Following completion of the due diligence stage of an early-stage investment transaction, what follows will be the final and most important stage in terms of company and founder protection: disclosure.
In this article, the third in a series focused on the key considerations for the founders of a company during the course of an early-stage investment transaction, we offer some tips for founders navigating the disclosure phase of the deal.
What is disclosure?
Disclosure is the process by which the warrantors (i.e. certain specified persons, usually the founders and/or the company, but sometimes the existing shareholders where they are selling shares as part of a secondary round) will be given the opportunity to disclose any details as to why certain statements of fact (warranties) contained in the relevant or investment/subscription agreement or share purchase agreement (where there is a secondary) and otherwise purported to be given by the warrantors, are untrue.
The warranties will usually be included within a separate schedule to the investment/subscription agreement, and their specific detail (and number) will be a matter for negotiation throughout the data room and due diligence stage.
Depending on the scale of the transaction (except for the case of any simple investments), the number of warranties is likely to be quite high, covering matters such as the company’s corporate standing, general compliance history, data protection policies, ownership of assets, intellectual property, real estate and details of employees or contractors.
Why is the disclosure letter important?
If any of the warranties later turned out to be untrue, then the investor(s) would theoretically be entitled to bring a breach of warranty claim against the warrantors.
Whilst such claims are rare in practice, given the presence of limitations in the relevant investment/subscription agreement (including time limits, caps and financial thresholds, all subject to negotiation), as well as the hesitation for an investor to sue a company whose success they are betting on in the future, an investor will not be able to bring a warranty claim if the warrantors have first provided sufficient details of any matters contradicting the warranties (i.e., a disclosure) within a disclosure letter, delivered in accordance with the transaction.
The disclosure letter therefore provides both an opportunity for the warrantors to shield themselves from a potential breach of warranty claim and reassurance for the investor(s), confirming its understanding of the company and its affairs to be correct, with the warrantors willing to ‘stand behind’ the promises made.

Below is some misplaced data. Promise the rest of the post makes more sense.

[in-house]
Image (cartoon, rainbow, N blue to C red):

What does the disclosure process involve?
This will usually take the form of a long call (a disclosure call) between a representative for the warrantors (often, the company’s management team), and the company’s legal advisors. The aim of this call (or series of calls) will be to go through the warranties schedule together and in detail, with the aim of discussing any potential disclosures against the warranties.
What else should I consider?
Depending on the size of the business and level of the warranties, input may be needed from different stakeholders in the company, ranging from the HR and IT departments to any data protection officer (if appointed). Founders should ensure that representatives from these teams are readily available. Similarly, legal advisors may also co-ordinate across teams for any specialist warranties.
Even if the investor was previously made aware of facts contradicting a warranty (perhaps in the course of commercial discussions or the due diligence stage), details should once again be provided wherever possible in the disclosure letter.
How much detail is needed for a disclosure?
The first reference point should be the investment/subscription agreement, as this is likely to contain a definition for ‘Disclosed’, setting out the detail required for a disclosure to be accepted (otherwise known as the ‘disclosure standard’).
The disclosure standard is therefore a point for negotiation between both the investor(s) and the company, but if the deal is particularly investor friendly, expect that for a disclosure to be valid, any disclosures made against the warranties should be made fully, fairly and accurately, allowing an investor to identify the nature and scope of any matter disclosed.
Will there be "general disclosure"?
Any statements in the disclosure letter which do not provide enough detail and consequently fall short of the standard of disclosure discussed above risk leaving the warrantors open to a breach of warranty claim.
Accordingly, disclosures must include references to supporting documents. In the majority of cases, individuals are able to provide cross-references in your disclosure letter to the disclosure bundle, formed of documents from the virtual data room that are being specifically referenced in a disclosure.
If the contents of the disclosure bundle are generally being disclosed to the investor(s), this would mean that the warrantors could rely on any of those documents in rebutting a potential breach of warranty claim, on the basis that the documents were generally disclosed to the investor(s).
Whilst general disclosure of the data room is very unlikely to be accepted general disclosure of the disclosure bundle is increasingly being recognised as market standard in the early-stage investment context. Therefore, a thorough disclosure exercise, with the help of a legal team, will be in both parties’ interests, ensuring a smooth and positive outcome for all.